International Court of Justice

The United Nations and Self-Determination in the Case of East Timor

Jakob R. Avgustin • Feb 27 2020 • Articles

In the case of East Timor, one can argue that the UN was definitely not a friend to the people of East Timor even without the right to self-determination in the equation.

The ICJ As An Effective Conflict Prevention Tool in Latin America

The International Court of Justice (ICJ) has been successful in Latin American affairs but the sea access case will monitor how countries react to future rulings.

Review – International Responses to Mass Atrocities in Africa

Christof Royer • Jan 27 2017 • Features

Insightful case studies that support the authors’ concept of R2P³ make this book an indispensable read not only for academics, but everyone who deals with R2P.

International Law

Knut Traisbach • Jan 1 2017 • Articles

Although questions about international law persist, especially when powerful nations use their political power to ‘bend’ the law, today hardly anyone declares international law as irrelevant.

Peace and Reconciliation in the Balkans: Croatia vs. Serbia

Nikolina Židek • Feb 25 2015 • Articles

Reconciliation is a slow process but when there is political will, changes can occur and victims can eventually get redress through justice, truth and memory.

Review – The New Terrain of International Law: Courts, Politics, Rights

Peter Brett • Oct 19 2014 • Features

Some lack of definition in Alter’s book does not diminish her valiant and highly successful effort to sketch the architecture of the international legal regime.

Review – Balkan Genocides: Holocaust and Ethnic Cleansing

Melanie O'Brien • Jun 3 2014 • Features

Mojzes’ analysis of Balkan genocides of the 20th Century imparts vital facts on mass violence, but is dented by insufficient knowledge of legal frameworks.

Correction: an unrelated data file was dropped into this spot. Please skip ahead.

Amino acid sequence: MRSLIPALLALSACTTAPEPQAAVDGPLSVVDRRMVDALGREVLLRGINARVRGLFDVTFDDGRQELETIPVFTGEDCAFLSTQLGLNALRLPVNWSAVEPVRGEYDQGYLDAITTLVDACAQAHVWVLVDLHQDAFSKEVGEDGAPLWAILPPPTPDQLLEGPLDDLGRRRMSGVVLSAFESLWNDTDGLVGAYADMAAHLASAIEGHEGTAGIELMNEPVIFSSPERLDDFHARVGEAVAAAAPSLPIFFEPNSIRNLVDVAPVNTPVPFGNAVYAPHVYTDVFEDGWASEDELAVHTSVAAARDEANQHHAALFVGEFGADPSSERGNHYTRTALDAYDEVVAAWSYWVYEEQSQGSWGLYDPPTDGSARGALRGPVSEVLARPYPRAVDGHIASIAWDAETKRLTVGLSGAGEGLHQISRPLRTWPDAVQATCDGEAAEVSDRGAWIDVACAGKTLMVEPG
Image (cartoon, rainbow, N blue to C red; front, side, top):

The International Court of Justice and the Peru-Chile Maritime Case

Mitja Grbec & Marko Pavliha • Apr 21 2014 • Articles

The ICJ’s decision in the Peru-Chile Maritime Case represents another important stone in the mosaic of what is usually referred to as the Law of Maritime Delimitations.

The Maritime Dispute Between Peru and Chile

Don Anton • Mar 18 2014 • Articles

On 27 January 2014, the ICJ delivered its judgment in the Peru v. Chile case in which it considered the existence, nature and extent of the disputed maritime boundary.

Where Does Article 38 Stand Today?

Kirthi Jayakumar • Oct 12 2011 • Articles

Although Article 38 has helped define international law as a discipline distinct from politics and international relations, it has fallen short of seeing the process through. As dynamic as society is, law needs to be one step ahead to ensure that there is a means to keep actions and omissions in check.

The ICJ and Kosovo’s Declaration of Independence: Anything Resolved?

Stefan Wolff • Jul 25 2010 • Articles

I always tell my students, when sitting an exam, that they have to answer the question that has been set rather than one that they feel comfortable with. No analogy is ever perfect, but this one sums up pretty neatly the outcome of the deliberations by the International Court of Justice (ICJ).

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